One day a 15 year old girl heard an odd sound up in the mountain, a scream. She asked one of the farmers what the sound was, he explained it was the elephant. She then asked if he could take her there, what she saw that day changed everything. The sight was of an elephant logging a heavy branch, screaming in pain. Whenever the elephant fell down, the mahout would hit him in the head causing more pain. She could see the pain in his eyes, and since that day she promised herself she would save one elephant. 20 years later and there are over 70 elephants, 200 cats, 450 dogs, buffalos and monkeys. All rescued from tourism industry, circus, street begging, the slaughterhouse and from the streets. The work Lek, her husband Derek and the team does, is truly a hero’s work. I am honoured to have been a part this amazing journey. This week has been a life changing experience, and I would recommend this for everyone.

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The park is huge with lots of space for the elephants to roam freely, green lush mountains surrounding the sanctuary. Elephants, dogs and buffalos all live in harmony. As you walk around the park, you will see elephants bathing in the river with their families, eating delicious bananas, pumpkins, bamboo leaves and watermelons. Some elephants roll in the mud pit, feeling the soft texture of mud against their skin, giving a protective layer against the sun. Elephants in this sanctuary get to spend the rest of their lives together with their families, loved ones and their bestfriend. Even after coming here life isn’t a stroll through the park. Many of the elephants that come here doesn’t show visible scars. Many of the elephants have mental health problems caused by torture and isolation, by the hand of humans. All for one reason, for human entertainment. What most people don’t know, is how badly these majestic creatures are treated. I knew they were treated badly, but I had no idea what really goes on behind closed doors. After everything I have learned, I feel it’s my duty to pass on the information to help prevent others from participating in this cruel industry.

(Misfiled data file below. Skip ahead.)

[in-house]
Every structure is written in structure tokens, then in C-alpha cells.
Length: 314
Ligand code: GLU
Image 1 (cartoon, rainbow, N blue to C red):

On the first and second day, Lek and the guides showed us a investigation video to reveal the truth. What we saw was elephants being beaten with a bull hook, repeatedly on the head, on the sides. Mahouts sharpened their nails to dig into their ear to make them obey and move in a certain direction, like to paint a picture with their trunk. The ear of an elephant is very sensitive with lots of nerves causing extreme pain. When the elephant is a baby, it is taken from the mother to start the training, of breaking their spirits. To capture the baby the hunters kill the mother and the nanny, often starting a fire in the forest to lure the baby into a trap. Many baby elephants die from the fall, I would say they are the lucky ones, as the ones that survive is facing a very dark future. To break an elephants spirit, mahouts will use a method called Pajaan. They tie up every part of the elephant to logs or to a tree, the legs, the trunk, the tail, the head, the body leaving it unable to move, sit, lay down or rest. All this while beating them repeatedly to make it afraid of the bullhook, ready to follow command. The mahout will always have the bullhook in plain sight, so the elephant will know what will happen if it don’t obey. Elephants are forced to trek with humans on their back, even though they are far from strong enough to carry 500kgs on their backs for 8-12 hours daily. The elephants are chained up not being able to move, waving their heads back and forth in distress. Isolated from families causing mental health problems like depression, anxiety and loneliness. Forced to live on the streets to beg for food so their mahout can make a couple of bucks. When they faint from exhaustion they will be hit and jabbed in the sides with a bullhook, until they get back up. No regards to the strong lighting blending their eyes, often making them blind. No regards to the unnatural environment with sounds, cars, smells and buildings. All the terrible things these beautiful babies go through because of us, because of ignorance, lack of knowledge. Because we use things, we use each other, we use animals for our entertainment, not giving an extra thought of what the consequences of our action are. These animals suffer for the sake of a picture, an experience, a memory. How much longer are we gonna allow the pain and suffering of another earthling continue, for our entertainment? How much longer can we justify our actions knowing deep down in our hearts, that this is wrong? I say that it’s about damn time we learn to share this world.